Phoenix Flower Shops

Phoenix Flower Shops

Posted by phoenixflowershops on July 24, 2020 | Last Updated: July 30, 2020 Flowers Gifts

Problems with Plants That Get Too Little or Too Much Light

If your plant doesn’t look like a thriving, larger version of itself when you first brought it into your home, then it may be suffering from lack of enough light. For plants, light is food, so if they don’t get enough they “starve,” and it shows in how they grow and what their leaves look like. Well, Phoenix Flower Shops is going to help you make sure your plants remain healthy by telling you what to look for in your plant to determine its light requirements.

Tell-Tale Signs in Plants with Lighting Problems

 

Leggy

A plant with long, skinny stems with a scarce amount of leaves is referred to as “leggy.” As the plant stretches for its much-needed light source, its leaves spread apart on skinny stems which does not look as nice as full, lush plants do and is a sign the plant is not getting enough light.

Leggy Plant

 

Small Leaves

A sign of not enough sun is when your plant produces leaves smaller than average. If you compare new growth to leaves that were grown when the plant was healthy and see a significant size difference, then move your plant closer to its light source.

 

Leaning

Plants will do what they need to for survival and reaching towards the sun to get enough food is one of the signs the plant is stressed. This could also lead to the plant looking lopsided or one-sided. To ensure the entire plant gets plenty of sun, place it in an indirect bright light area and give it a quarter-turn every time you water it.

Leaning Plant

 

Abnormal Leaf Color

Leaves are supposed to be rich green color, but if there is not enough light, the leaves will turn pale green, yellow, and then eventually drop off. For plants with variegated leaves, instead of being colorful, they will revert to an all green color in order to absorb enough sunlight as possible.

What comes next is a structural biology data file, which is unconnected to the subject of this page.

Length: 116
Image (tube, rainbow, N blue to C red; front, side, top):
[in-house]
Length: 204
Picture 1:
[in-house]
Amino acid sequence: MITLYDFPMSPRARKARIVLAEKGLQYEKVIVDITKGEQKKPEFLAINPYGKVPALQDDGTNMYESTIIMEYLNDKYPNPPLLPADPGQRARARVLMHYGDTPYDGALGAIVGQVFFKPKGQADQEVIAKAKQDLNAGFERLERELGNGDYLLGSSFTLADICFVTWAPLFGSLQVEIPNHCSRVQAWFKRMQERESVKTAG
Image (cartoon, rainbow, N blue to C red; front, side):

Slowed or No Growth

Plant growth should be evident, especially during the spring and summer months. If your plant appears to be growing very slowly or not at all, try moving it to a sunnier spot. In its quest for survival, a plant will conserve what little energy it does get by not growing. As light is food for plants, plenty of light equals plenty of robust and lush growth.

 

Getting the Light Right

 

Healthy Plants

If you recognize any of the above signs in your plant, then just moving it to a much sunnier place may not be the right move. Too much light isn’t healthy for plants either. Only sun-worshipping plants such as palms, cacti, and succulents should be direct sunlight. For most other plants, except shade-loving plants such as ferns and orchids, indirect bright light works best. To the best lighting for your plants may requiring moving them around to different places and observing the results.

If you don’t have the floor space to get your plant into proper lighting, then try elevating it with a hanging planter. Or, purchase and grow light and keep your plant where it is. Grow lights will make sure your plants get plenty of food no matter where they are located in your home.